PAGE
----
Where Yesterday Meets Tomorrow
"I hate deco!" screams one collector, pointing to some rickety dresser with puckered veneer and broken plastic pulls. "I love Deco!" bellows another, holding up a Frankart boudoir lamp featuring a sumptuous green nude. Few design categories generate so much passion. Much of the difficulty lies in defining the term. There are many conflicting but equally erroneous definitions. One describes anything designed between 1920 and 1960 as art deco. This greatly (and grossly) misrepresents the style, tarring it with the grotesque design and manufacturing aberrations of that era. Another equally wrong definition limits art deco to the work of a very narrow band of expensive european designers working during the early and mid 1920s. Yet another misconception portrays art deco as a rejection of the lavish florid sensuous designs of the Art Nouveau era. Art deco evolved out of art nouveau. By 1910, designers striving for a new look began to introduce design elements from the emerging industrial economy. The lavish curves and patterning of art nouveau began to give way to sharper, more simplified, linear and geometric shapes and to "modern" materials such as chrome, aluminum, plastic, and steel. But these elements only gradually came to dominate design. The bronzes of Chiparus or Priess are as lushly formed as any art nouveau figure. The geometric elements are found in the pose of the figure - the outstretched arms, the leaping legs, the javelin poised for flight; not in the form of the figure.
The existence of this new style was only gradually recognized. (The term was not even used until the 1960s!) The full recognition that art deco was a distinct style did not occur until 1925 when the "International Exposition des Arts Decoratifs" was held in Paris. It is often said that the style had died by the time the 1925 exhibition was held, but again, this is wrong. It was continuing to evolve, putting increasing emphasis on designs which could be produced at costs accessible to the modern working classes. The art deco design elements were still present but the production methods were being "democratized." The Chiparus bronze evolved into the Frankart Lamp.
Art deco style was slow to enter the United States. The creative energies that were producing Art Deco in Europe where creating Mission and Arts and Crafts designs in the United States. The 1925 exhibition, rather than being art deco's last hurrah, actually gave the style a strong impetus in the United States. That push made the 1930s our Art Deco Decade. By the late 1920s the design motifs were well established in America. Many of the Magazines of the 20s, seeking a "new look" underwent deco makeovers. Fortune, Mentor, Asia, and many lesser known periodicals transformed themselves, demonstrating the freshness of the style as the thirties were beginning. The 1933 Century of Progress World's Fair and the 1939 World's fairs in New York and San Francisco show Art Deco design in full flower. The federal buildings constructed during the 1930s under the WPA show strong Art Deco elements in the bas relief carvings with which they were decorated. The Chrysler building in New York City is a classic example of Art Deco architecture. The Perishere and Trilon of the 1939 Worlds Fair, Rockefeller Center, the images of Rockwell Kent, all bear witness to Art Deco's vigor in the United States.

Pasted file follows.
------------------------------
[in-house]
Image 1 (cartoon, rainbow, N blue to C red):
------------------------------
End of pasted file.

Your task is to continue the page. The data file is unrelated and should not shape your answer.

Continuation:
So, as usual, popular custom is correct and the experts are confounded. While the experts look only on their Chiparus bronzes and their Lalique hood ornaments as Art Deco, the popular culture speaks of blue mirror coffee tables and tubular chrome legged formica topped kitchen tables as deco. We consider Harlequin and Fiesta and American Casual to be deco designs. We say "deco is beginning to come on" when we are talking about 50s furniture and ceramics.
Perhaps we should speak in decades. We can refer to "20s Deco," "30s Deco," and "50s Deco." (The 40s is a lost decade. Most of the designers of the 40s were designing airplanes, not toasters. Has anyone ever consider the classic deco design elements apparent in the B-29 bomber?) "20s Deco" encompasses the opulent European era. "30s Deco" centers in the United States and encompasses the furniture and furnishings of the depression years. Much of it is flimsy, mass produced junk, but remember that it was being made for a depression ravaged population that could not afford the additional few dollars that solid quality required. "50s Deco" features chrome furniture, abstract decoration, etc. It features an an excess in design which is often grotesquely irrelevant but occassionally very effective.
There are many fine objects in all of these three periods. In evaluating them, look for consistency of design elements, careful logical design and construction, good workmanship. If the stress of hinges and moving parts has caused cracks in the material chosen for its construction or heat has caused warping, dismiss the piece as a product of inferior design. And most important, commune with the object. If it speaks sweetly to you, then it must have an art deco voice.
© 1997-2002 Coxsackie Antique Center